This book goes a step further and collects the memories of people who were children during WWII, in many European countries (and also one in Egypt), in a variety of circumstances: some from countries that were invaded (the Netherlands, Poland, Norway, Ukraine, Czechoslovakia…), neutral countries (like Sweden), there are also several accounts from the Isle of Man, the Isle of Wight, and the Channel Islands (the only part of the British Isles occupied during the war), quite a few from the UK, and also from Germany and Italy. There are some common threads and themes throughout the different chapters, most of them dedicated to only one child’s memories, although there are some chapters which collect several shorter accounts. In occupied countries there are horrific accounts of the cruelty of the invading army, particularly reprisals against anything perceived as resistance or disobedience, and, after the allied victory, the repercussions for those who were seen as having collaborated with the invading forces (especially women who became “friendly” with German soldiers), some truly harrowing accounts of survivors of incredible hardship (Sara’s account of her and her sister’s survival in Auschwitz is heart-breaking, especially because they lost all of their immediate family; Nadia, from Ukraine, experienced plenty of hardship but she recounts how it could have been even worse, if not for the kindness of some of the people she met along the way)…  There are plenty of stories of children being evacuated (mostly in the UK), and also of the families who received those evacuees. Inventive mothers creating delicious recipes out of little food, schools that kept going no matter what, rationing books, joining the war effort by collecting newspapers, scrap metal, glass…, growing vegetables, going to the shelter, experiencing bombings first-hand, memories of the Barrage balloons, the sounds of the anti-air-raid guns, the all clear… In Germany and in many of the occupied countries, children remember the worry of not knowing what might happen, the need to be careful as you never knew who might overhear what you said, who was a friend or an enemy, and the terrible consequences if the wrong word reached the wrong ear. German children also mention the shock and utter disbelief when they and their families learned what had been happening in the concentration camps, although the older children were aware that Jews and dissidents were arrested or disappeared with little explanation. One of the children pointedly says that nobody admitted knowing anything about it, but it is clear from the experiences of some of the children in occupied countries that, at least to them, it was not such a big surprise.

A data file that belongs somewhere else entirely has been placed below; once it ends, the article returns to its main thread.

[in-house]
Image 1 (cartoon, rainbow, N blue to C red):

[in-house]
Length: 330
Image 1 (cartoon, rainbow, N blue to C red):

There are also light moments, accounts of friendly German and Italian soldiers (especially at the beginning of the war), a German surgeon who saved the life of the father of one of the narrators (who was 2 y.o. at the time), children fascinated by the planes, looking for souvenirs among the debris, joining groups like the Cubs or the Brownies, meeting new people and experiencing a different kind of life in the countryside, the victory parties… I particularly enjoyed the account by Anne, from York, that reads at times like Huckleberry Finn (she saw life as an adventure, no matter what, and I hope she still does). I was moved by first-hand accounts of the Coventry bombings, and happy to read about what had happened to all those children and where they were now.